"I can't tell one from the other, if I found you or you found me."
So sings David Byrne in the 1980s Talking Heads hit, "This Must Be the Place (Naive Melody)". It's a feeling many of us have in that singular exercise that Americans on average perform five times in their lifetime: move into a new place to live. The song plays as Charlie Sheen checks out an Upper East Side condominium tower in the movie Wall Street. We want home to be in a good location and structurally sound, but we also prefer our shelter to speak to us somehow, to symbolize a new stage of life.
The world of real estate marketing knows this very well. That was evident after a visit to the exhibit "Selling the Dwelling: The Books That Built America’s Houses," which concluded recently at the Grolier Club in midtown Manhattan, and flipping through the companion volume of the same title. Author and curator Richard Cheek, an architectural photographer and rare book collector, chronicles the way the home has been sold and packaged to American families from Revolutionary times to the suburban expansion of the second half of the 20th century.
In the earliest days of the republic, homes were built according to builders' guides and pattern books, all based on European architectural standards. The books served as a template for how to craft the overall frame, doorways, windows, roof framing, stairways, and mantles, and included painstaking detail. Most were generated out of Philadelphia, a hotbed for essentially how-to design manuals, but they were closely guarded by carpentry guilds.
Things opened up through the 19th century, as wealth increased, building methods evolved, and more Americans sought access to building their own single-family home. Design options expanded well beyond the European template, with Greek Revival, then Gothic, Colonial Revival, and the Beaux-Arts styles. Before and after the Civil War, the home was portrayed in a menu of options, including the first do-it-yourself kits. Then came the explosion of home catalogs – the assemble-on-site kits sold by Sears, the Arts & Craft bungalows, and developers working with lumber companies selling "homes for the millions" in planned communities such as Radford.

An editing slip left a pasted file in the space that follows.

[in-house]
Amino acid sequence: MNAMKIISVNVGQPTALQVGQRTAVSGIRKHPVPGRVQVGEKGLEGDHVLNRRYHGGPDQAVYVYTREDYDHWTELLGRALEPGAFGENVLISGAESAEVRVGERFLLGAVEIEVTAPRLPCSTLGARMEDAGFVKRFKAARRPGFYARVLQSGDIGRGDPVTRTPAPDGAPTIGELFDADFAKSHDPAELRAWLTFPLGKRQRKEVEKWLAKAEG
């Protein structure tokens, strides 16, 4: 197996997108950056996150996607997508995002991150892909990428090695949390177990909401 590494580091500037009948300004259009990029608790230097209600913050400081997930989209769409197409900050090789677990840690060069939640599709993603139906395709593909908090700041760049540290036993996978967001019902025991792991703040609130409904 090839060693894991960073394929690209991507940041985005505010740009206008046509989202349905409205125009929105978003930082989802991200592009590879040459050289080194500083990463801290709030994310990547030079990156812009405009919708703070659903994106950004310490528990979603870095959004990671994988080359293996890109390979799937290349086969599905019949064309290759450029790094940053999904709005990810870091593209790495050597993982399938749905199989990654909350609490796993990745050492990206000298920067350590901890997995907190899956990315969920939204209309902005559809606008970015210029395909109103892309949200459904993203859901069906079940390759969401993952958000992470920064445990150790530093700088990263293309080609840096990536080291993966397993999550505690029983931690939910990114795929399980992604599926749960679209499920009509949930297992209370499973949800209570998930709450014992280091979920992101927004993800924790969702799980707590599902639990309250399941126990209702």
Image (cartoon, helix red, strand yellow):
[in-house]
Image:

In the post-World War II suburban boom, homes were marketed as safe, affordable, and a sound investment. In places like Levittown, the Cape Cod house became dominant, followed closely by the Tudor, the ranch, and the colonial. The streamlined efficiency of modern architecture had some appeal – modern kitchens and open-plan living rooms, as seen in the television show The Brady Bunch. But Americans overwhelmingly favored the traditional for their dream home, Cheek says.
The ubiquitous McMansion provided more square footage and three-car garages, but tastes may be changing – and going back to the future. The builder's assistant guides of the past are being used by some developers to re-create authentic "new old" houses, according to the Wall Street Journal.
In the digital era, marketing real estate – presenting choices, features, and location – has entered a dizzying new phase. In the hottest markets, such as New York City, condo shoppers can download an app to see 3-D animation including room layouts and views. They might also use augmented "reality goggles" that project an image of a space and facilitate a virtual walk-through. "Real estate has always been about selling a dream," says Rodrigo Lopez, creative director at Neoscape, the architecture and real estate branding firm. "Technology is changing the way we communicate those ideals."
I guess that means that if Wall Street was filmed today, Charlie Sheen, flush with riches, would have swiped through pages on an iPad, before saying, "I'll take it. This is home."